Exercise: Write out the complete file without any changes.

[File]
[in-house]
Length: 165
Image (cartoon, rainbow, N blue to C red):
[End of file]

[in-house]
Length: 165
Image (cartoon, rainbow, N blue to C red):